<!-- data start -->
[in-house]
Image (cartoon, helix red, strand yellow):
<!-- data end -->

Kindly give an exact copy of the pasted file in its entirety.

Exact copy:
[in-house]
Image (cartoon, helix red, strand yellow):